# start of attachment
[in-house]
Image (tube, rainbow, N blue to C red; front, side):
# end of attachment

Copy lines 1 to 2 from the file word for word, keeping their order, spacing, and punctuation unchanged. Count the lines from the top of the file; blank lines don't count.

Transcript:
[in-house]
Image (tube, rainbow, N blue to C red; front, side):